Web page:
Perhaps I can share something with you that can help you leave the realm of spite, vitriol, and bullying…. When I was being critiqued for my ableist framing of my Sistah Vegan project’s early years (because I have able-bodied privilege it affected how I made assumptions about ability and health) , I chose to not gather an army. I chose not to bully those who are doing disability studies work and activism and/or living with disabilities. What did I do? I picked up some training materials and educated myself about how, even though I’m not “overtly” an ableist, I am still framing health and veganism from an “ableist” angle and need to STOP doing that. That as a visibly able-bodied woman, I have benefited from systemic ableism my entire life. I did not bully or harass those who call me out. Instead, I realized they are not attacking “me” but critiquing how I “frame” veganism and health (believe it or not, these are two different things) and that even though I may not agree with everything they say, I could learn a lot from them that can only strengthen my activism towards creating a world with less suffering and violence. I learned from those who have developed knowledge from the embodied experience of being systemically oppressed… and without saying they know everything, but without saying I know everything either.
I’m also interested in what the strategy is of ‘hiding’ behind social media to intimidate me. Feel free to respond on the social media you are using or on my blog, because I’m curious. Many of you block me, after you intimidate me and that makes it difficult to have an open dialogue (or perhaps your ultimate goal is just to intimidate me?) If you are so confident that I’m a “racist” or “hate white people”, then why immediately block me? Shouldn’t you have the confidence to believe in what you have said without needing to “Block” me?
When someone such as myself spends years using social science methods to TRACK themes/patterns , analyze them, and come to the conclusion that, “This is the new way in which [type in systemic oppressive patterns of white supremacist racism] operates” , this is not simply “making up new definitions” for racism. Many have implied I and other women of color doing critical race studies scholarship are ‘redefining’ racism to achieve some ‘hidden white hating agenda’. When many of you write me that I need to only use the Webster dictionary definition of “racism” from 70 years ago, you’re basically saying this dictionary definition should “trump” the complex definitions of ‘racism’ developed by the more recent critical race studies scholar. Those scholars developing that canon weren’t invited to write up the dictionary at that time, for obvious [racist] reasons. What is the strategy in explaining to me that you are sending me the Merriam-Webster definition to “educate” me on how I am “incorrectly” using the word “racism” ?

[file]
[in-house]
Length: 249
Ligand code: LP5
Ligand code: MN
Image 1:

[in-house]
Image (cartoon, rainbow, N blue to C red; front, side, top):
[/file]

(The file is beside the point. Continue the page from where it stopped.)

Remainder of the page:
I think you probably don’t understand this or how academic disciplines work, such as critical race studies. Critical race studies scholars don’t just ‘make up’ and randomly define the way new forms of racism and normative whiteness operate. We collectively go through a rigorous process to develop these theories through various methods that are usually “approved” by the disciplines we are working within. That’s how new theories/knowledge about systemic oppression are developed; we don’t refer to the dictionary definition via Merriam-Webster…
Just because you don’t like the results of what decades of critical race studies scholarship reveals, doesn’t mean the collectivity of people of color engaged in this scholarship are “racist” or “hate white people.” It means that we know something is very “wrong” within the moral fabric of the USA…. and has been for centuries. We are developing the tools to create a literacy and action plans around this. Even though at first, it makes many white people ‘mad’ and ‘uncomfortable’, this is what the results of this canon reveals: systemic racism/normative whiteness exists to a degree that significantly impedes people of color’s ability to thrive and be in safer environments, have the resources we need, etc. I can’t change or lie about those results (and why would I?). Some tips:
Consider taking time off from intimidating me and instead, explore the canon of critical studies of race and whiteness so you can develop a critical literacy skill set and a plan to dismantle these systems.
Get out of the Jim Crow era of simply using Webster dictionary definition of “racism”.
Be gentle to us and yourself by admitting you just didn’t know how new systems of racism and white supremacy operate…and that the anger and vitriol you have is a symptom of terror.
Consider the fact that maybe you are terrified about what this could all mean to your points of security and what you know as ‘normal’ and comfortable.